Authors in Quarantine – David Demchuk

With this this series, I am hoping to capture how this cultural moment is affecting our speculative fiction authors and how our authors are surviving during the COVID-19 outbreak

Spec Can: What have you been up to during the COVID-19 outbreak?


David Demchuk: I am lucky to be able to do my job from home, and to have a home which is already set up and equipped for remote operations. The team I work with is small; we communicate well, and spell each other off with the day-to-day work, special projects and the many video meetings that this situation has spawned. Apart from that I’ve been reading, catching up on movies and trashy TV, cooking and baking (and eating), spending too much time on social media, and playing Animal Crossing.

Spec Can: How are you adapting to social distancing?

David Demchuk: I was already a fairly solitary person, so I have not been as heavily affected by the need to isolate as many of my friends and colleagues. However, I suffer from agoraphobic anxiety, so going outside to go shopping or run errands is now one long panic attack from start to finish–and standing in store lines on narrow sidewalks is the worst. One thing that’s been a huge challenge: My partner and I have been together for 11 years but we live separately, albeit in the same building. He comes to visit for about an hour every day but, because he goes out more and has a greater potential for exposure, we remain at opposite ends of the couch six feet apart. We haven’t had physical contact for more than five weeks.

Spec Can: How is the outbreak affecting your writing?

David Demchuk: Well…the short answer is “I haven’t done any, so–great?” I am holding off on writng much, at least formally, until I receive my editor’s notes on my newest book. My hope is that I will be able to focus my energies (and my emotions, including my fears) on the pages once they’re in front of me. One thing I have been doing–both for the new book and the one I plan to start in the fall–is jotting down short snippets on index cards–images, dialogue, turns of phrase–and tossing them into a small plastic storage box beside my coffee table. No expectations of structure or order or ‘finished’ writing, just capturing material as it comes to me in unfiltered unprocessed snapshots. It’s oddly cathartic and makes me feel productive with probably the least amount of effort I can expend. Apart from that, there’s Animal Crossing!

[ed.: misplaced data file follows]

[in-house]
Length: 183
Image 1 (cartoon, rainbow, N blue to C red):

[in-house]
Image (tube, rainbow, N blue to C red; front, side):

Interviewed by Derek Newman-Stille, MA, PhD ABD

Slavic Myths and Human Monsters

A review of David Demchuk’s The Bone Mother (ChiZine, 2017)
By Derek Newman-Stille

David Demchuk’s The Bone Mother brings together snippets of strange lives into a tale that hints at connections between these individual stories and provides shadows of a larger narrative tying them together. Each of Demchuk’s tales ties in with a snapshot shown at the beginning of the story and diverts into the mythical, magical, mysterious, and monstrous. These images of the normal are interrupted by tales that Other them, transforming them into something complex and uncertain. The unexpected is a stream that runs through Demchuk’s narratives, complicating them to illustrate the way that stories always hold complex truths that are always part fiction.

The Bone Mother features fairy tales turned dark and infused with the mechanical, featuring an ever present factory standing as a symbol of industry intersecting with myth to create a landscape of smoke and shadow. Demchuk tells tales that connect the mythic to industry, proving that the mechanical can’t fully succeed in chasing the creatures of the human imagination back into the dark, and may, in fact, give them a space to thrive. The Bone Mother brings together Rusalka, ghosts, golem, mirror monsters, Baba Yaga figures, and other manifestations of Slavic myth and makes these figures into family secrets, hidden differences that dwell in the blood rather than the imagination. He ties these fairy tale figures in with circus freaks and those who defy social and biological norms, bringing out the diversity of the human form. The most dangerous quality of this mythical world is normalcy, which tries to turn everyone into simple, uncomplicated forms, denying diversity. All of these figures who could be called monsters only serve to show a mirror to humanity, illustrating that we are the monsters for trying to enforce conformity. 

To find out more about The Bone Mother, visit ChiZine Publications at http://chizinepub.com/the-bone-mother/
To discover more about David Demchuk, visit http://daviddemchuk.com/ .